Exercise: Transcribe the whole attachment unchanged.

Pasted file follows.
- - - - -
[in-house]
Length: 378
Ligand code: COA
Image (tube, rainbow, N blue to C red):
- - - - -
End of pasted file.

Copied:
[in-house]
Length: 378
Ligand code: COA
Image (tube, rainbow, N blue to C red):